Now we're going to learn how to identify modal chord progressions
so we can apply the modes (e.g. in a solo) confidently over their
related chord changes.
It's about building a chord scale that ties in with the sequence of
modes we learned. Each mode builds a related chord.
Take your time with this. There's a fair bit of overlap between this
lesson and other concepts covered in the theory section, such as chord
lesson: finding chord progressions for modes
theory behind modal chord progressions
In the modes series, we identified 7
modes. Each mode
was built on a degree/note of its parent scale.
e.g. 2nd mode
Dorian was built
on the 2nd
degree of the major scale.
Mixolydian was built on the 5th
We also learned each mode as major, minor or diminished (7th mode
Locrian - the "odd one out").
applies when building chords
on the degrees of the major scale.
is a diagram showing the intervals of the major scale. Each yellow box
can be seen as a degree of the major scale, so each one also represents
a mode, from 1 (Ionian) to 7 (Locrian) and then back to 1 again.
The numerals correspond to the chord/mode number 1-7. You can also see
label corresponds with the chord/mode type (the triad around which the
is built). For example,
3rd mode Phrygian is a minor
mode, so therefore the 3 (iii)
will also be minor. 4th mode Lydian is a major mode, so therefore the 4
(IV) chord will also be... yep, major!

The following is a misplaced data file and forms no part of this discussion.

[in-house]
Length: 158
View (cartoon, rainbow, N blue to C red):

It's just like superimposing
chords onto the mode patterns, using some or all of the mode's tones in
By knowing the interval sequence between each mode (covered in more
relatonships lesson of the
series), we automatically know the interval sequence of the modal chord scale.
So, based on this knowledge, if we were to assign the root chord of the
sequence - I
- as E major,
the sequence would progress as follows...
In modal terms, that's E
Locrian and then the sequence repeats as we're back to the
first degree of the scale.
Remember, this is a movable relationship, so if the I
(also called the "tonic") changed to D major,
the interval sequence would be built accordingly from there.
This is why
important to know
the the fretboard!
Once we're confident with building these interval sequences in any key (the key
being defined by the tonic I
note/chord), we can then move on to learning how to identify modal
chord sequences - applying the correct mode to chord combinations from
modal chord progressions
For these examples, we'll use the C
major chord scale, which means the Ionian/I chord will be
C major. But remember, the sequences we build are relative to wherever
that tonic Ionian/I chord lies.
So, from that C major chord scale, we can assign a chord to each
of its degrees, and therefore each of its modes. We can then build
progressions around a given degree chord, and therefore a given mode,
using the related chords of the scale.
make it a specifically modal progression, the mode's related chord must
tonic of the progression. This is the chord to which the progression
resolves. Some examples...
Locrian has been left out simply because Locrian's associated chord -
the diminished (m7b5) chord - isn't really appliable as a tonic chord, or as
a stable key centre.
other words, it doesn't provide an adequate resolution to a progression
it naturally sounds unresolved!
Locrian, therefore, is used as more of a modal link/bridge between two
chords in the scale (mainly, the vi minor and I major tonics).
So, hopefully from listening to those examples above, you can hear a
different tonic/resolution chord in each modal progression we use. It's
this tonic chord that brings out the mode's unique flavour.
In a nutshell...
Each mode has its own tonic chord
rooted on its degree in the parent (major) scale.
Chord progressions can be built around each
mode to reaffirm their tonic. The tonic therefore also defines the key of the
The chord progressions are built using related
chords from other modes in the same